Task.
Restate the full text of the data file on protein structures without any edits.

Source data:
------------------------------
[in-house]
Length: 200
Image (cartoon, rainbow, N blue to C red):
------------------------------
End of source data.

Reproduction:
[in-house]
Length: 200
Image (cartoon, rainbow, N blue to C red):